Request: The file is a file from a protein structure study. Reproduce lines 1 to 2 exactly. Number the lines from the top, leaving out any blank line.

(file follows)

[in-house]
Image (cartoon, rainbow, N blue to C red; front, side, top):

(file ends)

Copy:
[in-house]
Image (cartoon, rainbow, N blue to C red; front, side, top):